Skilled trades the most satisfying career path

Date: 1st May 2014

BarlowBuilders

An industrial revolution is taking place in our country at the moment – the Christchurch rebuild.  What does this mean for career opportunities in Christchurch and the rest of New Zealand?  We suggested in an earlier blog post that tradies have nailed the secret of life.  And we make the point again that some of the most important, and therefore most satisfying, careers out there right now, have to be in the skilled trades.

We came across this forum on Reddit and would like to share a post from a tradie in Canada.  Even though he is based in another country, it’s fair to say that his comments are highly relevant to tradespeople in New Zealand too.

The question posed was: What career path did you choose that you strongly advise?

This is a reply from livewithit

Anything in the skilled trades. Possibly the most under-rated career out there today.

Here in Canada, I’ve watched many of my friends graduate with a university degree, and barely even be competitive for a part-time retail position. Yet, here in Ontario, and especially Toronto, we are facing an ever-growing shortage of skilled workers, and a projected increase in work, (especially with serious, necessary infrastructure upgrades in Toronto).

Why? Because we beat into our high-school students that they need to get a university degree to be anything of value, or to be successful in life, and everyone views the skilled trades as a last resort, the kind of job for the kids who dropped out of high school.

Well, I know a number of licensed electricians, plumbers, HVAC workers, sheet-metal workers, elevator constructors, ironworkers, etc. etc. etc. who dropped out of high school and pull in over $70,000 a year. The ones who stayed in high school? The ones with ambition, drive, and pride in their work? Those tend to become foremen, supervisors and inspectors etc., pulling in over $100,000 a year. (Much more common than you think.)

If you can get in a construction union, for example, IBEW for electricians (my chosen trade), you now also enjoy full benefits and one of the most secure pension plans in the country.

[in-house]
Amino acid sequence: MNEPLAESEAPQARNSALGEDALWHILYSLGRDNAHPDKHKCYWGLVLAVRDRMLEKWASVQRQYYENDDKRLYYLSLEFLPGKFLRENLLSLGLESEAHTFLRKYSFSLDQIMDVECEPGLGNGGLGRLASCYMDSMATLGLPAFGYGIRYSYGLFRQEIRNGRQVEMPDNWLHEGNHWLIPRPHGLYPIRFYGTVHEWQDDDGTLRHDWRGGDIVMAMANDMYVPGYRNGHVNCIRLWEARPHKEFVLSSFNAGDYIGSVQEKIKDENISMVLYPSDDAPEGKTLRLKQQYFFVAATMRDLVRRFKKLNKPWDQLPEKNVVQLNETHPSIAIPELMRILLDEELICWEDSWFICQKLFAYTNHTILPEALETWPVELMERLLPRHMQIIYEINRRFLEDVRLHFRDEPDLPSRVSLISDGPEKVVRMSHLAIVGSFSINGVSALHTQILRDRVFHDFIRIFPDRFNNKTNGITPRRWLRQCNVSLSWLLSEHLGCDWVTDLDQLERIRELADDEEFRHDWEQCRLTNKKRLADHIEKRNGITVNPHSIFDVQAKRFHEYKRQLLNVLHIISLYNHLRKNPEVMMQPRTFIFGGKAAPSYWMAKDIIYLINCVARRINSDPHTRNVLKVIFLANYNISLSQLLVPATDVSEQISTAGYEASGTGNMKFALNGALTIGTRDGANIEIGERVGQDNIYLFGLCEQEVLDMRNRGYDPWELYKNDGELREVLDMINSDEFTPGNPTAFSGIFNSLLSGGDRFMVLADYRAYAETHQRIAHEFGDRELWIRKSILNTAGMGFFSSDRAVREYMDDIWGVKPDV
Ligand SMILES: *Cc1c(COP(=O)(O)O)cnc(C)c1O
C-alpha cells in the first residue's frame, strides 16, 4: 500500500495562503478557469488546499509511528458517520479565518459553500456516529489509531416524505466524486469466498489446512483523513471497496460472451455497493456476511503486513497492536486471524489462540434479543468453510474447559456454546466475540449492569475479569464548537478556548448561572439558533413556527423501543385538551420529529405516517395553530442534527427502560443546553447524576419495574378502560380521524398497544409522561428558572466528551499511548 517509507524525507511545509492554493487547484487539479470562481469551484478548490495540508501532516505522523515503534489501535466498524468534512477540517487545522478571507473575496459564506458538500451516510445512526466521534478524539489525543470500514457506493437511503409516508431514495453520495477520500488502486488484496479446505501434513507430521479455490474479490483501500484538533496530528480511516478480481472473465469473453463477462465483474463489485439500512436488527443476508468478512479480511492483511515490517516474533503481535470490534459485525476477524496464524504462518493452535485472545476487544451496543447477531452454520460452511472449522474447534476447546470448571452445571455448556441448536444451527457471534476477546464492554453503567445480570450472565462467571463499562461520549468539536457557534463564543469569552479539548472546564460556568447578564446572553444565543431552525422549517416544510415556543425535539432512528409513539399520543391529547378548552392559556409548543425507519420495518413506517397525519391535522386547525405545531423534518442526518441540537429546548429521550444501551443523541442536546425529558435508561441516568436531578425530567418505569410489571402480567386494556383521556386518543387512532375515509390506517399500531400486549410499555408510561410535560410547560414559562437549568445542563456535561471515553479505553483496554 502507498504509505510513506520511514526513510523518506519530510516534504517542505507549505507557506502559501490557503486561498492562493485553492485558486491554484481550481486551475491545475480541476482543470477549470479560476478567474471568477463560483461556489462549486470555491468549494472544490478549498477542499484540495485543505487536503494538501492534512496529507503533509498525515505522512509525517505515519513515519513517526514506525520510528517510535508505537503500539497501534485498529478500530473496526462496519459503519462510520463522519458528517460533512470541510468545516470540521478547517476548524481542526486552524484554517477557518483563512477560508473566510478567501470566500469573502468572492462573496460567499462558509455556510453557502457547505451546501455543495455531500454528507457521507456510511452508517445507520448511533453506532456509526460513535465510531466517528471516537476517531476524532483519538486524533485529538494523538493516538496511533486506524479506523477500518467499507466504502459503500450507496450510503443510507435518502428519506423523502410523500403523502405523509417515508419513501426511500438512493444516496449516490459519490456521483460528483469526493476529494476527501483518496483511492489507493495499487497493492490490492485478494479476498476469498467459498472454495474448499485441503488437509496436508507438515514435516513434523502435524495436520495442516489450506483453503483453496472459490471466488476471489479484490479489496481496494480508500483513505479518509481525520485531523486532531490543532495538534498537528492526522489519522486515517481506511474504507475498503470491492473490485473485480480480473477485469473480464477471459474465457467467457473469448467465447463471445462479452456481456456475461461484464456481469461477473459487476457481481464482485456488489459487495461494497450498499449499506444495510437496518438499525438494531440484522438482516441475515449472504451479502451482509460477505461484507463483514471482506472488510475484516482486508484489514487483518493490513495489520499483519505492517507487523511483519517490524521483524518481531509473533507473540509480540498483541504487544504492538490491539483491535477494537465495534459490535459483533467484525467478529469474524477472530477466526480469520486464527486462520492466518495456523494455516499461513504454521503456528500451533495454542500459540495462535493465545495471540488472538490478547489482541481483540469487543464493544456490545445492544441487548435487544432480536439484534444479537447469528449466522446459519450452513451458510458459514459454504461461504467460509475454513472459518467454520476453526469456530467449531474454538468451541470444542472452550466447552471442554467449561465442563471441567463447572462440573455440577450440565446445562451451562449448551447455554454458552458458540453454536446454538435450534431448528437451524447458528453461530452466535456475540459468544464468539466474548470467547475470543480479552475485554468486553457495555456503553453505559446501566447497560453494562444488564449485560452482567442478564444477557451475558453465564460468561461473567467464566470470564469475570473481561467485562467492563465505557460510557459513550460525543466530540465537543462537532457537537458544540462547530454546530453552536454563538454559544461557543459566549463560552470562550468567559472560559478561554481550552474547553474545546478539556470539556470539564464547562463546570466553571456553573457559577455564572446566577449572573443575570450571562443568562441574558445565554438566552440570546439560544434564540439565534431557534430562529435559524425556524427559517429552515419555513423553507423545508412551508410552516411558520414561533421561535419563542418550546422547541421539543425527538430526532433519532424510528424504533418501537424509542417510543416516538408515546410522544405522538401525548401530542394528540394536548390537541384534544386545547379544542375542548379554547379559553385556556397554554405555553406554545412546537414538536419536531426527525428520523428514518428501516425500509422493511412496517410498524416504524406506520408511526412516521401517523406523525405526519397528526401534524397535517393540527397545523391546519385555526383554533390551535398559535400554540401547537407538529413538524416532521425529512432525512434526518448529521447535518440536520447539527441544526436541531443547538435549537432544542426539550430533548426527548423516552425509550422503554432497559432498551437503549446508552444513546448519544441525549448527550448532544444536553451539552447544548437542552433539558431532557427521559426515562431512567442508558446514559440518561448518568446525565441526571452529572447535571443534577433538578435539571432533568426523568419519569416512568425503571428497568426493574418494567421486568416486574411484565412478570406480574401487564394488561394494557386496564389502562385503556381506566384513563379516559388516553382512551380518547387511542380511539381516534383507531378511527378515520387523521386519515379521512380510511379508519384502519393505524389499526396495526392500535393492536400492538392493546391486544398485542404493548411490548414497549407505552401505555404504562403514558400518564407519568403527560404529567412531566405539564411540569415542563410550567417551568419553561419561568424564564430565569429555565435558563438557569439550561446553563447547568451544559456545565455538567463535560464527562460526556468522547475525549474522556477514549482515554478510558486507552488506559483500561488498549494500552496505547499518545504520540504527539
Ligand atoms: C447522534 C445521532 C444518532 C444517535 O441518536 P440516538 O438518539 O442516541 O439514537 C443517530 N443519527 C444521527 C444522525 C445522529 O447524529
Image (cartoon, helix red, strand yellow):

Other benefits of the skilled trades? (Here in Canada at least): Start working right after high school. By doing an apprenticeship over a college or university education, you start working and making money right away, rather than going into debt, or spending tens of thousands on education before you even have a job. I’ll have enough saved for a down payment on a house by the time I’m 24. (Which in Toronto is a big deal; houses ain’t cheap.) My friends in university can’t even comprehend that idea.

Job security. Less and less new workers, more and more work. Very rarely is a competent tradesman in a good trade or union out of work. Options for career advancement. I don’t have to bust my ass for my paycheque for the rest of my life. Once I have 8 to 10 years’ experience in a specific trade, better, “cushier” options present themselves. Like inspector, supervisor, foreman — even opening my own company if I so choose. Option to start your own company. The great thing about starting a company that revolves around a skilled trade? You are the biggest asset. Your knowledge and experience in your chosen trade are the most important piece. Low initial cash investment, just some additional licenses and paperwork, and scale up as you get more work. Starting almost any other kind of company or business usually requires a much larger initial investment, and doesn’t have nearly as high a success rate, at least that I’m aware of.

Yes it’s hard work. But you get used to it, and with a little ambition, drive, and intelligence, it doesn’t have to be hard work forever. I’m an electrical apprentice at a good company, and I could not be happier with the career path I have chosen.

Can we help with your trades business?



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